Broker Check


It was a typical client meeting with the Estate Planning attorney. The clients, let’s call them Mr. and Mrs. Smith - ages 83 and 81- were to update their estate planning and brief their 2 adult children about what they had done. As the meeting progressed, I indicated to them the need for Mr. and Mrs. Smith to discuss not only the property issues but also other issues that might be important to them. The emotional and intangible issues were sometimes more important than the tangible ones. It was then that Mr. Smith started talking about his precious possession-- a violin that his father had given him when he was just 10. As a young boy, he would take it wherever he went and play it to any willing audience! He told us that one day he misplaced the violin. He and his father had searched the entire town- a small town in the Midwest- for the violin. After many days, they had located it at a local store (somebody who had found it had brought it in) and the owner was kind enough to give it back to him. Since then he had kept this violin in safe place and it was something he treasured. While Mr. Smith was telling us this story in intimate detail, Mrs. Smith’s and the daughters’ eyes welled up. It was probably the first time that Mr. Smith had ever talked to his children about his violin and his relationship with his dad. Truly, it was a very emotional moment for everyone in the room!

We all understand the importance of Estate Planning. Many of us think of estate planning as a complicated process, a process just for the wealthy. But for many people it does not have to be complicated nor is it just for the wealthy. The basic estate planning consists of a ‘will’ or ‘living trust’, trusts for children (even adult children), powers of attorney for health and financial matters, a ‘living will’ also called a ‘directive to physicians’ and a HIPAA document. In the event of death or disability, while the benefit of estate planning is obvious, the consequence of not doing estate planning can be severe, expensive and time consuming!

While basic estate planning is important, this article I feel is addressing a more important issue, one’s legacy. Legacy means more than money or assets that one transfers to one’s heirs. The definition of legacy is ‘something transmitted or received from an ancestor’. Allianz Life Insurance Company made a fascinating study called the “American Legacies” study of baby boomers and seniors. This study highlighted what they termed the Legacy Gap. The Legacy Gap occurs due to a combination of both a generation gap and a communication gap. Interestingly, the findings focused on the issues most important to seniors and their heirs (baby boomers). The study found some key differences between what was important to seniors and what was important to boomers, what seniors think and what boomers think with regard to estate planning. The seniors focused on the orderly transfer of material assets. For the boomers, even while material assets were important to them, they thought that the ‘intangibles’ or the ‘emotional’ were as important to them. What are these ‘intangibles’ or the ‘emotional’ that were important to the heirs? Quoting from the Allianz American Legacies Study, these were the broad categories:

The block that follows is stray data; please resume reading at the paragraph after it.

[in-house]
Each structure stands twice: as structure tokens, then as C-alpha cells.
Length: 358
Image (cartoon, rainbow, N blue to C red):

1. Family Traditions and History, Ancestral Stories, Ethics, Moral Values, Faith and Religion
  2. Personal Belongings and Possessions of Emotional Value (a grandfather clock, perhaps a violin or a family album, writings, paintings, etc)
  3. Specific Instructions and wishes or bequests to be fulfilled
  4. Financial or Material Assets
  5. Communication of the above to the heirs was very important

It is estimated there are over six billion people inhabiting this earth. Humans have a lot in common with each other in terms of basic human values. And still it is amazing that each person is unique and different. Each person is conditioned by his or her environment, relationships, upbringing, wealth or poverty and a host of factors. No two people are alike in terms of height, color, size, shape, experiences and thinking. Therefore each of us has a unique and interesting story to tell, a story of personal trials and tribulations, successes and failures! Many of us feel that we are unimportant to the world and our stories to be absolutely uninteresting as well. But one thing is true, your life story is important to your loved ones. After all, your life may be stranger than fiction. They want to know how we got here and how we got so far! Your life story may be the most important legacy you are leaving to your children, grandchildren or to your other family members! After much procrastination and constant encouragement from family, I just started writing mine. Are you going to write your life story for your children and grand children?

Jay Kabad, CFP®, is President of Jaykay Wealth Advisors, Inc, a Houston-based wealth management firm. He received his Graduate degree from IIT Madras and an MBA from University of Pittsburgh, PA in 1980 and has been in business for 27 years. He is a Financial Advisor with LPL Financial and can be contacted at 713-780-4575. Securities and investment advisory services are offered through LPL Financial, Member FINRA/SIPC. The opinions voiced in this material are for general information only